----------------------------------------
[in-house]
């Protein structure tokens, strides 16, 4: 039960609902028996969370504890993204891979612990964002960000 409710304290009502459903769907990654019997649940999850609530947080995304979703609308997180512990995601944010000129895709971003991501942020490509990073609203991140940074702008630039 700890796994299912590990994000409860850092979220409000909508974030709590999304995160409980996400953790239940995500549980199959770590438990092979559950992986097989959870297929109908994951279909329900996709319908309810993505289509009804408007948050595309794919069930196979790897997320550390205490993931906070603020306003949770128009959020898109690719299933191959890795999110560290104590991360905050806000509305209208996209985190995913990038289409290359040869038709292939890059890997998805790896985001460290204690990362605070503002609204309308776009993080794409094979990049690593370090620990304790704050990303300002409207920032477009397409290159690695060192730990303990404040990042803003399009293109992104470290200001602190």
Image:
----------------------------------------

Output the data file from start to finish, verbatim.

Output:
[in-house]
């Protein structure tokens, strides 16, 4: 039960609902028996969370504890993204891979612990964002960000 409710304290009502459903769907990654019997649940999850609530947080995304979703609308997180512990995601944010000129895709971003991501942020490509990073609203991140940074702008630039 700890796994299912590990994000409860850092979220409000909508974030709590999304995160409980996400953790239940995500549980199959770590438990092979559950992986097989959870297929109908994951279909329900996709319908309810993505289509009804408007948050595309794919069930196979790897997320550390205490993931906070603020306003949770128009959020898109690719299933191959890795999110560290104590991360905050806000509305209208996209985190995913990038289409290359040869038709292939890059890997998805790896985001460290204690990362605070503002609204309308776009993080794409094979990049690593370090620990304790704050990303300002409207920032477009397409290159690695060192730990303990404040990042803003399009293109992104470290200001602190």
Image: